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Remaking the British AtlanticThe United States and the British Empire after American Independence$
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P. J. Marshall

Print publication date: 2012

Print ISBN-13: 9780199640355

Published to Oxford Scholarship Online: May 2012

DOI: 10.1093/acprof:oso/9780199640355.001.0001

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The Challenge of Revolutionary America

The Challenge of Revolutionary America

Chapter:
(p.55) 3 The Challenge of Revolutionary America
Source:
Remaking the British Atlantic
Author(s):

Peter J. Marshall

Publisher:
Oxford University Press
DOI:10.1093/acprof:oso/9780199640355.003.0004

In terms of power, the new America posed no threat to the British empire. Its republican principles were, however, seen as a challenge to the British political order. American republicanism was generally interpreted in Britain in terms of the early assertions of popular power within the states. These were dismissed as totally incompatible with the ordered liberty guaranteed by the balanced powers of the British constitution, whose strengths seemed to be vindicated in the political turmoil in Britain at the end of the war. A torrent of publications in newspapers and pamphlets, with some government encouragement, denounced American innovations and affirmed the virtues of British governance. After the war American political arrangements continued to be depicted as producing weak government subject to popular whim, at least until the results of the Convention of 1787 produced some reassessment.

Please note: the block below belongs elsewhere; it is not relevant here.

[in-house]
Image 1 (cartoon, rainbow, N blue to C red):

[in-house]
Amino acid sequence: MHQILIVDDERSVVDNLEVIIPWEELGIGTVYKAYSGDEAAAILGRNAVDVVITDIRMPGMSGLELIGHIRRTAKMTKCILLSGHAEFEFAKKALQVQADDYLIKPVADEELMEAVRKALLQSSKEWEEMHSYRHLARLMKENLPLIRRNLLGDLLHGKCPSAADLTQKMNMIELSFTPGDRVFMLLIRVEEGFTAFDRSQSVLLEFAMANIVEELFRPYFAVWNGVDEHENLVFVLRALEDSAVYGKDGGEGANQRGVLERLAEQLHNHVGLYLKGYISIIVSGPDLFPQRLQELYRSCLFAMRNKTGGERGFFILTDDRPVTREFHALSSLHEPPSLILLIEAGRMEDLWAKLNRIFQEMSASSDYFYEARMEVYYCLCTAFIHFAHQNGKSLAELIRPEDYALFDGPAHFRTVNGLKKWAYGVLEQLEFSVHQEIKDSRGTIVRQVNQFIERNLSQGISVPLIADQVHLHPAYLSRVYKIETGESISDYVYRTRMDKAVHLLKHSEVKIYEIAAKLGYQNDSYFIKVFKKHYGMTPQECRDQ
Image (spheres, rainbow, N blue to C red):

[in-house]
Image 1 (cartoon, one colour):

Keywords:   republicanism, British constitution, liberty, Constitution of the United States, Convention, newspapers

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